Julia: First of all, I would like to say that if Sidney Crosby doesn’t win the Ted Lindsey award, then hockey players are stupid. Let’s just agree that Sidney Crosby was the most valuable player this season (he held onto his point lead for twenty-five days while out injured and no one could touch him) and move on. Don’t argue with me, the numbers will not be kind to you.
Now the argument that Sidney Crosby was not the most valuable to his team, as is stipulated by the Hart guidelines, is a valid one. The Pens are deep enough to win without him. (And they did. A lot.) Both Ovechkin and Tavares are big fish in smaller, crappier ponds. But if that’s true, why did Malkin win last year? Furthermore, I like to think of it this way: say you’re building a fantasy team – who would you think of as having the most impact? Who would you want to build your team around? It wouldn’t be Ovechkin, who only showed up the second half of the season. Maybe it’d be Tavares, but I have to say that he’s never overly impressed me when I watch Islanders games. He’s good, and he makes the Islanders contenders, but he hasn’t reached a level of greatness yet that makes me think of him as elite or go “gosh, I’ve got to youtube me some John Tavares plays”. To me, Crosby had so much better a season that it doesn’t matter what team he played for – he was just the most valuable. End of story.
Also, Crosby has intangibles (ah, blessed intangibles) like “leadership” and “work ethic” and “hockey smarts” and “looks like a marble Renaissance statue brought to life”. I recognize the last one isn’t actually something that’s considered valuable in hockey, but I consider it valuable on a personal level.
Hannah: No one talks about Sidney Crosby like Julia talks about Sidney Crosby, so I’m just gonna let her do her thang. She’s said it all already.
Lady Byng Memorial Trophy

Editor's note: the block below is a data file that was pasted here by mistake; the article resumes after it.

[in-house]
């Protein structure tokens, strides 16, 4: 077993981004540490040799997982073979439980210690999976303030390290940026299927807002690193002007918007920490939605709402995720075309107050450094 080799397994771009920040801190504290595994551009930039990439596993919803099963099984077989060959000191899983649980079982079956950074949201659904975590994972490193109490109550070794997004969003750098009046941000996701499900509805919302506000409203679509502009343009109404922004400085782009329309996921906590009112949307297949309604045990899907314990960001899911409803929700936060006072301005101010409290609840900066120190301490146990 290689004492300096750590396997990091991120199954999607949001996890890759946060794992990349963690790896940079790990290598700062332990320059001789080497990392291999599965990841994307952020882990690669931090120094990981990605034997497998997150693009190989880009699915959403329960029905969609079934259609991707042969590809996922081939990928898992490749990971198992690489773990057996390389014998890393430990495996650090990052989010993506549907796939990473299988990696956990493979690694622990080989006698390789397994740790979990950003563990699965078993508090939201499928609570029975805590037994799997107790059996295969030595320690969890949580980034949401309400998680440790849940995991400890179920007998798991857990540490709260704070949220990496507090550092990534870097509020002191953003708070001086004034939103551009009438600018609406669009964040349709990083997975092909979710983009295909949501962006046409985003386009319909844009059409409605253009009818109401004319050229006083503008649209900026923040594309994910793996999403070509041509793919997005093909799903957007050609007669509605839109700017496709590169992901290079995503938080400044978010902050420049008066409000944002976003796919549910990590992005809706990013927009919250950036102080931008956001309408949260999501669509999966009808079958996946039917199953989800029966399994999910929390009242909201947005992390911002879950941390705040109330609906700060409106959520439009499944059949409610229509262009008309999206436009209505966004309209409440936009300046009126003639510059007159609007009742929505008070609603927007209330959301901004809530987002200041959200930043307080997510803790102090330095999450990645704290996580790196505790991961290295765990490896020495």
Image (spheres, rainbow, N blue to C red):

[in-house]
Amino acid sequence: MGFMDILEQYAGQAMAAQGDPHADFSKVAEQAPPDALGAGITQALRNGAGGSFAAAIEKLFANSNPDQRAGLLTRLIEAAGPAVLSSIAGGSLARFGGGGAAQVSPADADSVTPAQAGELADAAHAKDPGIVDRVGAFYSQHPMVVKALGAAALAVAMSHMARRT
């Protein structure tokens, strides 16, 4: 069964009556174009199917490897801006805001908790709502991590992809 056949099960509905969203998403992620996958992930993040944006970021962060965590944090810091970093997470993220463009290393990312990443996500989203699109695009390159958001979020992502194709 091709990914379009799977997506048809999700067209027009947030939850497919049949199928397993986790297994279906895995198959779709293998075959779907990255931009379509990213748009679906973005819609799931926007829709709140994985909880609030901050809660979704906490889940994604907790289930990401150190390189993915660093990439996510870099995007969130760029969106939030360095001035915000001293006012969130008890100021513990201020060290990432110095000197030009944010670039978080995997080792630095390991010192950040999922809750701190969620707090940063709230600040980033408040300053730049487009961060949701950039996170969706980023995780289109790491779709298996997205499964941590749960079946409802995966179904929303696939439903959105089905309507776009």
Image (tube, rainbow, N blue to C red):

Patrick Kane, Matt Moulson, Martin St. Louis
Hannah: Patrick Kane
I waffled over this pick for a while, because obviously every player listed is deserving of the award. In the end, though, for me, it came down to Kane’s consistent high level of play combined with his off-ice contributions. He’s an elite scorer and playmaker – no one who’s ever watched him play will question that – but what he gets less credit for is being a stellar teammate. The guys who play with him on the Blackhawks won’t hesitate to tell you that he’s a guy you want in the room, and Quenneville himself has said Kane is the first player he turns to when he needs to double-shift someone, because he knows Kane “never says no”. His heart’s in it for the team, 100%, on the ice and off, and he proves it with both his scoring touch and his professionalism.
Julia: Martin St. Louis
This award I was least sure about, because the Lady Byng is supposed to award a) a good player and b) a nice guy, and frankly, I don’t know if any of these guys are nice or not. Moulson may be nice, but he isn’t at the same level as either St. Louis or Kane, so that ruled him out for me. What ultimately made me choose was two things. First of all, he had an insane season and lead Patrick Kane in points. Second of all, as much as I love Patrick Kane and am sure he’s a great team player, there is that “gentlemanly” requirement that I just can’t pin on him quite yet. I think he’s matured a lot since last summer’s shenanigans and moved on from them admirably, but St. Louis is one of those guys that no one ever really has anything bad to say about, and numbers-wise he just looked better.